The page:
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Help With ~ Large Format Posters


At Hamilton, many of the posters we deal with are for the sciences and conference presentations. These posters often have specific sets of demands, and specific types of audience: they're often like lab reports put up on a single page, heavy on text and struggling to be visually interesting.

Colin Purrington, a scientist and visual artist, has several templates he suggests for effectively dealing with the layout of information for presentation posters, such as this one:

He has some great tips for making a poster that meets the needs of a research presentation, but is still visually interesting (or at least readable)—follow this link to read his advice and better equip yourself to provide useful critiques (as well as find the rest of his templates). Some of his good points include, "As long as you maintain sufficient white space, keep column alignments logical, and provide clear cues to your readers how they should travel through your poster elements, you can and should get creative," and, "The most important part of producing a great poster is to embrace the rough draft process" (though the drafting process can be fairly rushed at college). You'll probably want to share his website with anyone designing presentation posters!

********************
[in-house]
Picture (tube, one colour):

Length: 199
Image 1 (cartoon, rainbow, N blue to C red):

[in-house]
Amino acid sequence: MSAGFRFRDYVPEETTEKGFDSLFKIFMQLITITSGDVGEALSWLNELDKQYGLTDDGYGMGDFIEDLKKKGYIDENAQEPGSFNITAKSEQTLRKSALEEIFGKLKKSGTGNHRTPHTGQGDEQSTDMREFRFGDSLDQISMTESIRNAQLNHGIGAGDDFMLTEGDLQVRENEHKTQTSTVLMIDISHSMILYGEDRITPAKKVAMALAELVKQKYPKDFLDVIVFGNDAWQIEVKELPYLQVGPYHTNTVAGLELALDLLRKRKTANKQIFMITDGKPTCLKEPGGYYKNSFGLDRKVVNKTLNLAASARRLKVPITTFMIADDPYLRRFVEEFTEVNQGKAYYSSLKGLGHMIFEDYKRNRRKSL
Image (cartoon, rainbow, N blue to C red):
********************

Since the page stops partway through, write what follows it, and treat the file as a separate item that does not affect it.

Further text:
Another great resource is the Better Posters blog, which is specifically about creating better science posters. Zen, the author, gives tips and advice, documents his design process, and provides detailed critiques of posters. Explore his blog!

Some interesting posts:

The Last 10% of the Poster Should Take More Than 10% of Your Time, on the importance of those final, subliminal, polishing touches.

Critique: Privacy, a thoughtful critique of an already good poster (I actually disagree with this critique, but think the thought process behind it is great—I think the original poster is the stronger choice because it stands out more, but the critique does point out the major flaws that come at the design's expense).


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